Cheeky – Don’t mess around (woodbine street records)

Collective horizontal – Edward’s lear (dolman records)

The Cramps – Garbage Man (illegal records)

Crash course in science – kitchen motors (gogo records)

The craw daddies - lolette (voxx records)

The cult figures - I remember (rava records)

The Ds - My toy (optimistic records)

The dambusters - Production line love (deep water records)

The deadbeats - Choose you (red rhino records)

Peel monologue on the importance of independent labels

The decorators - Twilight view (new horizons records)

The denizens - Frontier (citizen records)

Mild rant about hippies

The details - Keep on running (energy records)

Digital dance - I sleep on the waves (digital records)

Discharge - After the gig (clay records)

Despite the fact that you've undoubtedly never heard any of these tracks (the cramps being a possible exception) I highly recommend this show. I actually thought that I'd cracked some Peel masterplan when I was making the track listing for this one, until Peel admitted that it was a purposeful A to Z list, not that A to Zing the songs you play would be much of a masterplan. Any luck with the jelly bellies yet?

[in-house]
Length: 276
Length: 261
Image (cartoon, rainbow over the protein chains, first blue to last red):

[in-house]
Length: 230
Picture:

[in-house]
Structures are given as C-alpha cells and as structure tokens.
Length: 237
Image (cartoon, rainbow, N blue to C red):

Download the file

While we're at it, although where the direct connection is I'm not sure, here's Mrs. Ravenscroft accepting JP's lifetime achievement award in May:

Friday, August 3, 2007

- Peel talks about punk

I'd never seen this before, but actually it's very similar to the discussion that Peel has with John Walters in episode four of the Peeling Back the Years series (does anyone want me to post these on the blog? Let me know).

'I am not really into the idea of cloning people', notes cedricimagelimited on YouTube, 'but John Peel may be the only person who could be subject to that kind of experiment! he 's so unique! What a voice! What a career! Absolute respect!' Quite well put, I think. 

ColonelWalterKurtz makes another good point, suggesting 'I could listen to John Peel talk about music all day!' Couldn't we all, Colonel, couldn't we all.